Have a problem with love or life in general? Send Ogonna your questions at firstname.lastname@example.org and get them answered here in her column. You can also tweet her at @askogonna
Reader: I know I need to break up with my boyfriend but don’t know how. I still care about him a lot and have a bunch of feelings for him, but our relationship is not what it used to be and it seems like nothing we’ve addressed is getting better. I don’t want to put my energy in this anymore if I’m not happy, but I don’t know how or if I should even let it go.
Ogonna: They say it’s better to have loved and lost than never to have loved at all. By “they” I mean Alfred Tennyson and those who think this quote was from Shakespeare. To me, I think there might be a lot to be gained from breakups. In fact, I think that sometimes, letting go is the best thing you can do for the people we love.
Forget what you’ve seen on the big screen. Breakups are not usually the spur of the moment, screaming, yelling and crying drama that Hollywood films would have us believe. Not to say some breakups don’t involve screaming, yelling, crying and drama, but I’m focusing on the “spur of the moment” aspect. Usually, if the decision to break up isn’t a mutual one where both sides could see the ties coming undone, there is one party who has probably thought of breaking up a while beforehand.
If you’ve been feeling like you can’t give your significant other the same devotion, attention, care and support as he or she has been giving you, then something needs to change. Yes, those in relationships will and should question the status from time to time, having a little check in to make sure they are getting what they want out of the relationship. But if you’ve reached a point where you’re not seeing an improvement in these issues, or you are neither receiving nor reciprocating the attention, support, care or energy you used at the start, these could be blaring warning signs to end it.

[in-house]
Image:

But, you still have feelings and care about your romantic partner very much. So how do you navigate those dynamics? It’s ideal to think that a breakup would be easier with no feelings, but reality has proven time and time again that most of those feelings won’t go away, even if you choose to break up. In this case, you have to put facts before feelings. You can still care about and be in love with another person, but that doesn’t mean that person is right for you at the time. A relationship is more than just feelings — it’s a mutual support system that is fun and lively and supportive in difficult times. If you know that your relationship is toxic, or you no longer have the desire to put forth the energy to commit, you have to do what will be better for the both of you in the long run.
So how does one go about breaking up with another person? There is no easy way to do this and definitely no easy way to advise another person on how to do this. We all are different and will take things in different ways. There is a universal understanding that people should not break up by way of a text message and social media. That is simply cruel. Take into account your significant other’s emotional stability and how that person reacts to more serious information, sit them down and talk it out. Let your significant other know how much you care about them, tell them why you can’t be in a relationship at the moment and, above everything, be honest.
Breaking up is hard to do, but honesty is key. What’s the point of putting both you and your significant other through heartbreak if you’re not even going to confront the reality of the situation? It’s better for both sides to be upfront in as gentle of a way as possible during this serious talk. That way there is no confusion about what happened or why. And if anything, there might be some lessons learned for future relationships.